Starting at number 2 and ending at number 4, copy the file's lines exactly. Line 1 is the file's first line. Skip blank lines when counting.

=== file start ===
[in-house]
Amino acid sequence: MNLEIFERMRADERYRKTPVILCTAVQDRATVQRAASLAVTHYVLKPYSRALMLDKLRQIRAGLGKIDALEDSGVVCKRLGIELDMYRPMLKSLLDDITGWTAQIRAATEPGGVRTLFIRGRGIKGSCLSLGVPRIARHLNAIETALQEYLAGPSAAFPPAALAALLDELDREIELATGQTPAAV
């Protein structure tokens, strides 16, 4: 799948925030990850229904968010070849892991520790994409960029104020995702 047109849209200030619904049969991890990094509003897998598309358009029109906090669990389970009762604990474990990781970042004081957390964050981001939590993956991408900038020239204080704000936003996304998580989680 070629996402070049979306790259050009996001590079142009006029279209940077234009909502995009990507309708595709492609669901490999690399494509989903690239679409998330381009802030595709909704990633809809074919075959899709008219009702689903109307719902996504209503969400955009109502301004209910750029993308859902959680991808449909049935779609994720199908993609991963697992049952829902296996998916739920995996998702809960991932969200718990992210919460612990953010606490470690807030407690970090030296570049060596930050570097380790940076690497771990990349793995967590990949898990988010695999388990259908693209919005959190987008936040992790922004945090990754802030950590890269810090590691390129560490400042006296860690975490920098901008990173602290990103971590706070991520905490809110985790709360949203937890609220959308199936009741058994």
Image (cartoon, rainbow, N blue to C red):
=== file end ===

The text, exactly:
Amino acid sequence: MNLEIFERMRADERYRKTPVILCTAVQDRATVQRAASLAVTHYVLKPYSRALMLDKLRQIRAGLGKIDALEDSGVVCKRLGIELDMYRPMLKSLLDDITGWTAQIRAATEPGGVRTLFIRGRGIKGSCLSLGVPRIARHLNAIETALQEYLAGPSAAFPPAALAALLDELDREIELATGQTPAAV
């Protein structure tokens, strides 16, 4: 799948925030990850229904968010070849892991520790994409960029104020995702 047109849209200030619904049969991890990094509003897998598309358009029109906090669990389970009762604990474990990781970042004081957390964050981001939590993956991408900038020239204080704000936003996304998580989680 070629996402070049979306790259050009996001590079142009006029279209940077234009909502995009990507309708595709492609669901490999690399494509989903690239679409998330381009802030595709909704990633809809074919075959899709008219009702689903109307719902996504209503969400955009109502301004209910750029993308859902959680991808449909049935779609994720199908993609991963697992049952829902296996998916739920995996998702809960991932969200718990992210919460612990953010606490470690807030407690970090030296570049060596930050570097380790940076690497771990990349793995967590990949898990988010695999388990259908693209919005959190987008936040992790922004945090990754802030950590890269810090590691390129560490400042006296860690975490920098901008990173602290990103971590706070991520905490809110985790709360949203937890609220959308199936009741058994």
Image (cartoon, rainbow, N blue to C red):